Initially they chose a very cheap alcohol, benzyl alcohol, to screen conditions. The iridium catalyst was the first stepping stone, ultimately finding [IrcodCl]2 was the best catalyst for their reaction. However, the reaction was unacceptably slow (roughly 3 days). Hence they sped it up by heating it via microwave irradiation. They found that, if one loading of iridium was used, acceptable conversion could be obtained after nine hours. However, Cossy did something interesting here. Instead of loading all of the iridium, it was loaded in two portion. Not only did this up the conversion, it cut the reaction to 1 hour! This dramatic improvement likely relates to catalyst lifetime in the reaction conditions.



With the conditions for alkylation established, they sought to see how well this reaction performed when other (more complicated) alcohols were used. They didn’t just limit themselves to various benzyl alcohols (i.e. just changing the substitution pattern on the phenyl ring) they looked at various heterocycles and even alkyl alcohols such as heptanol. Interestingly, alkyl alcohols required much longer reaction times (12 hrs) but yield were reasonable. In general yield were good usually in the mid 70 percent range. But wait, there’s more!

Due to the number of groups studying these sorts of reactions, several mechanisms have been tossed around. Cossy decided to modify one of the more popular ones to reflect her reaction:



It’s somewhat complex but nonetheless amazing. First, you have your standard acid-base reaction creating a cesium alkoxide. That alkoxide then coordinates to the iridium and undergoes an oxidation, creating a metal hydride species and an aldehyde. The aldehyde then reacts with the acetonitrile in a condensation reaction to yield a vinyl nitrile. This olefinic species is quickly reduced by the iridium hydride to yield the product and regenerate the catalyst. Overall, this was an excellent piece of work by Cossy and coworkers. I look forward to follow up work on this reaction!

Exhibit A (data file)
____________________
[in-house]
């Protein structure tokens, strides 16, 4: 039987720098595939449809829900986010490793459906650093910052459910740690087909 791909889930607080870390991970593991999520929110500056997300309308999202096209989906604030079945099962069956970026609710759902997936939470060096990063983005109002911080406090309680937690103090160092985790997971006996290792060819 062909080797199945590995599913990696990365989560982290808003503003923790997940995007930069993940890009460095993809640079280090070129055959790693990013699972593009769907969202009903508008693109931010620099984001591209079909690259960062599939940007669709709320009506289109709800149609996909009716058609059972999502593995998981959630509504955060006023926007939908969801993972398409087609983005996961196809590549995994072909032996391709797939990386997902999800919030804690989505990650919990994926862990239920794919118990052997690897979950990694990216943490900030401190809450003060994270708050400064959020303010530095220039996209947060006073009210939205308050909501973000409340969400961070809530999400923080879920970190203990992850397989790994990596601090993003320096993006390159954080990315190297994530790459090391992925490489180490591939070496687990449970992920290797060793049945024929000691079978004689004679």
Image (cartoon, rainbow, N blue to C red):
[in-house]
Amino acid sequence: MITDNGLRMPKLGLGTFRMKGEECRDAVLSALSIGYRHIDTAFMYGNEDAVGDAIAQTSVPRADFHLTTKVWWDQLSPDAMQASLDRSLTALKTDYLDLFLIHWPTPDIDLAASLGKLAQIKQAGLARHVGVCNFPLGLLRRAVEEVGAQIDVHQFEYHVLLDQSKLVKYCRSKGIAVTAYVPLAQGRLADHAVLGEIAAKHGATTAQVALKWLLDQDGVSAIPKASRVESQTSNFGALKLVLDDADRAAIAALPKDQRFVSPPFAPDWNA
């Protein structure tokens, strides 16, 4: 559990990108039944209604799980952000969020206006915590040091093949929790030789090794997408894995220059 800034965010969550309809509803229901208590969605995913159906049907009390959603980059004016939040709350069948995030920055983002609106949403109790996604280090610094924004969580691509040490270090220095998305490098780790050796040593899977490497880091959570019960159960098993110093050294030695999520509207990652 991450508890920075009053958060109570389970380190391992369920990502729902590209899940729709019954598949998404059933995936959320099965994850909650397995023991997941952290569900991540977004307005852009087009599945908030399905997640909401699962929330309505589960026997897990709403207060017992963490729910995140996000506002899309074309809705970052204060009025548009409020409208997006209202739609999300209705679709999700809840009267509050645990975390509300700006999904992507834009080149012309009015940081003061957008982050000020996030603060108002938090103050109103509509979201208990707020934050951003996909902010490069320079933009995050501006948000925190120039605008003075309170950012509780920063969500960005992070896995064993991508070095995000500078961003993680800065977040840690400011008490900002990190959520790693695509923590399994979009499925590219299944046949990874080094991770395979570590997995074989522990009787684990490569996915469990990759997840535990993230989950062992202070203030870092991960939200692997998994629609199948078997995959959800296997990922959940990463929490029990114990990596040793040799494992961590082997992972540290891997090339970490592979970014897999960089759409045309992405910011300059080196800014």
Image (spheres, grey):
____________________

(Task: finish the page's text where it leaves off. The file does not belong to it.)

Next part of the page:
Advertisements

Leave a comment

No comments yet.

Comments RSS TrackBack Identifier URI

Leave a Reply

Fill in your details below or click an icon to log in:

WordPress.com Logo

You are commenting using your WordPress.com account. Log Out / Change )

Twitter picture

You are commenting using your Twitter account. Log Out / Change )

Facebook photo

You are commenting using your Facebook account. Log Out / Change )

Google+ photo

You are commenting using your Google+ account. Log Out / Change )

Connecting to %s